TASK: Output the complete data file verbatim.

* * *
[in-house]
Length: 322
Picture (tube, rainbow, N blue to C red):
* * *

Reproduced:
[in-house]
Length: 322
Picture (tube, rainbow, N blue to C red):